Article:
British Columbia (BC) has unveiled a revamped oil and natural gas production royalty system that would replace a patchwork of complex incentives with a flat 5% rate on all wells until costs are fully paid.
The sliding-scale royalties on paid-for wells would range from 5% to 40%. Rates would be driven by prices fetched on various markets for oil, condensate, natural gas and liquid byproducts. For new drilling, the reform takes effect Sept. 1. For producing wells, the switch occurs Sept. 1, 2024.
“This new system is long overdue and will replace an outdated system that was in place for nearly three decades,” said BC Energy Minister Bruce Ralston.
Upstream activity has been rising in the gassy Montney Shale in BC and Alberta.
Ralston, along with BC Premier John Horgan, stressed the royalty reform program would abolish a 19-year-old deep well incentive scheme that environmental critics attacked during public consultation for the new system.
“For too long, a broken system of fossil-fuel subsidies has failed to align with our climate goals or ensure people fully benefit from these resources,” said Horgan.
The policy change sets a revenue-sharing target of an equal 50-50 split between the industry and the government for sliding scales of royalty rates that would be levied after costs are recovered.
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The revamped BC royalty system includes “land healing and emissions reduction pools.” It would allow producers that have accumulated unused credits against royalties from the old system to transfer the benefits into accounts dedicated to oil and gas field cleanups.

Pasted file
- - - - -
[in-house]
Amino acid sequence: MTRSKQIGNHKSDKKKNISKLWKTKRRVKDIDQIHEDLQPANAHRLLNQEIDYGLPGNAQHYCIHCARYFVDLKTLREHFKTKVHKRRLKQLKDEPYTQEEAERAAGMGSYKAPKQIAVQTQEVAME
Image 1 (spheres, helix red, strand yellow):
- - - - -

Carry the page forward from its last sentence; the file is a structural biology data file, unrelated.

Details of the reform remain to be settled by further negotiations, which would include participation from representatives of industry, government, First Nations in northeastern BC, environmental groups and others.
“Additional engagement with oil and gas stakeholders will occur during summer 2022 to further develop and define allowable-cost policy and amounts contained within the drilling and completion amount,” said the energy ministry.
With variations tailored to BC conditions, the new system parallels the Alberta revenue structure for provincially owned Crown oil and gas resources.
“Specific cost policy is under development and will consider costs related to gathering and processing, as well as drilling and completion,” said the BC Energy Ministry. Details of the environmental program remain negotiable.
The reform plan followed a conclusion last fall that BC’s “royalty system for natural gas and oil is broken,” according to a government-commissioned report. “It consists of piecemeal modifications to a system that was designed for a different era with different risks, technology, and market conditions.”
In combination with low commodity price spells, an array of deep, marginal, ultra-marginal and low productivity well deductions. plus a clean growth infrastructure incentive plan. have limited provincial royalty revenues and complicated collection.
The Canadian Association of Petroleum Producers said its “initial assessment” showed that BC “has modernized its system to align” and stay competitive with other jurisdictions by September 2024.
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